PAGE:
6. Amazing. I’m not sure when the Cambridge Evening News became our democratic representatives, Rosemary. That one passed me by. This is exactly the type of thing you should contact either our Queen Edith’s city councillors or county councillor about. They all have a good record of doing their best to respond to residents’ concerns like this.

  7. I’m following up Rosemary’s report. It is a Cambridge News deliverer so they may have some responsibility but I will also check it from an enforcement point of view.
    I suspect its a difficult one legally, verges usually are.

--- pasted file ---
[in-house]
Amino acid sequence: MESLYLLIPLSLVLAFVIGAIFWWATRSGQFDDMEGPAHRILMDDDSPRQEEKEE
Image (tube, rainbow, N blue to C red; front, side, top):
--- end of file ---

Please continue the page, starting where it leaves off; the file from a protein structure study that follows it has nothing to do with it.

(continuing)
8. Thanks for reporting my comments Chris. Amanda was indeed at the same meeting where I raised the issue of Queen Edith’s Way – and she supported my comments. As she says the solution is a way off – but it is on the list to be addressed. My recollection is that all the QE Councillors made a contribution to that discussion – particularly around the topic of the grass verges – as making better provision for dual use might involve considering verge removal. I would also point out – that I did respond at the public meeting that QE Labour have both a twitter account and a facebook account but that I had not kept them up to date as a resource issue. I have now had some very interesting discussions around social media and am meeting Puffles later next week. I think the role that the Cambridge bloggers take in reporting on, and questioning local government is vital in democracy and we are very lucky to have you, Puffles and Richard Taylor to take this on – but please – make it accurate and fair.